Everything You Need to Know About the Freon® Phaseout in California
If you landed on this page, you probably have questions about the Freon(R) phaseout. News in California can be tough to follow, and not every article is comprehensive. This page will answer all your questions about how the Freon(R) phaseout impacts Los Angeles homeowners.
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Freon® phaseout: Highlights for Los Angeles
Here are the major things you need to know about this change to air conditioning:
- R-22 refrigerant cannot be produced after January 1, 2020
- Air conditioners with R22 will require more repairs as they near the end of their useful life
- Because supply is officially limited, A/C repairs will get more expensive
The last time air conditioners were manufactured with R22 was in 2010. Air conditioners normally last between 10-15 years. Homeowners that have kept up with HVAC maintenance will be the ones with ACs on the high end of that lifespan.
Repairs are normal as equipment ages. A common repair our techs handle all the time is a refrigerant leak. This is normal and happens more frequently as equipment gets older. That’s because the refrigerant which operates under high pressure wears down the inside of the refrigerant pipes.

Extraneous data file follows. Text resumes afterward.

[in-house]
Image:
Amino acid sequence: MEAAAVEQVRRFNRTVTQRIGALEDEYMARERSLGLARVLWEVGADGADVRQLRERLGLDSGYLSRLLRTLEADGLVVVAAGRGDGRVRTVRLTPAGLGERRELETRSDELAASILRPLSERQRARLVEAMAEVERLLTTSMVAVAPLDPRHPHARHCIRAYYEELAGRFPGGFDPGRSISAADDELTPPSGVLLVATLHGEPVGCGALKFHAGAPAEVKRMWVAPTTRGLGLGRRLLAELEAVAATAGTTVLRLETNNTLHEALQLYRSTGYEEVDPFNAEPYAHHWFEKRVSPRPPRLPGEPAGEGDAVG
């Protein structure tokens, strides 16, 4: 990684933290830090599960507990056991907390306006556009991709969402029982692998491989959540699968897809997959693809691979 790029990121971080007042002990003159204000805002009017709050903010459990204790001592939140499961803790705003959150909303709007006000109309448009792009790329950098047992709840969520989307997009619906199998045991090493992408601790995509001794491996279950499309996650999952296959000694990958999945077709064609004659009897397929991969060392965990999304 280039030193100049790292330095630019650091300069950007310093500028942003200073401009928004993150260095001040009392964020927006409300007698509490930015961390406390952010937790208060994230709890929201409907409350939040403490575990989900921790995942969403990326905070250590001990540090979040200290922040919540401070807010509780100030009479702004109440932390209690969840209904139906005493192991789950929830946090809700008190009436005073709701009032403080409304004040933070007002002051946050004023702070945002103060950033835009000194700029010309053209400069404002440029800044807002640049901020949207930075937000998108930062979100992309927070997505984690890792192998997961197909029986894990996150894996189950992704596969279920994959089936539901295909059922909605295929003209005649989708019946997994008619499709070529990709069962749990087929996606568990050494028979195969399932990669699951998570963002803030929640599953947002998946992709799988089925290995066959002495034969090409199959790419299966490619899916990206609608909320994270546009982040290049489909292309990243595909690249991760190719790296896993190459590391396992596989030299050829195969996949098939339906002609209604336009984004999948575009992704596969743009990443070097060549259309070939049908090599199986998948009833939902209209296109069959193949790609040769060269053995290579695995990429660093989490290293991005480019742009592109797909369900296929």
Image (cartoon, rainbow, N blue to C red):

So, LA homeowners that have R22-equipment will not only be dealing with more repairs, they will be dealing with higher prices too.
How do I know if the Freon® phaseout affects me?
The Freon® phaseout affects you if your air conditioner contains R-22 refrigerant, commonly referred to as Freon®. It’s easy to find out what kind of refrigerant your air conditioner uses. The refrigerant type is printed on a label that is attached to your air conditioner.
So, go on! Take a leisurely walk outside in the Los Angeles sunshine. Say hello to your air conditioner – we bet you haven’t talked in a while! Identify the data label that’s on the edge of the unit. Look for the refrigerant type. It will usually begin with an R, like R22 or R410A. Snap a photo of that data label for your records.
And while you’re out there, here’s an efficiency tip: see if your outdoor unit is obstructed with any leaves, landscaping, or other debris. If so, that may be a contributor to your high energy bills.
If you discover that you have R22 refrigerant, then read on. This government-imposed phaseout is something you really want to pay attention to!
If you find you have another refrigerant type like R410A, you’re in the clear for now. Here’s one way to celebrate: share this information with family and friends!
Can I wait to replace my AC?
As a homeowner, you’re faced with many home improvement decisions. Some of them are very expensive! Replacing your air conditioner is a personal decision that only you can make.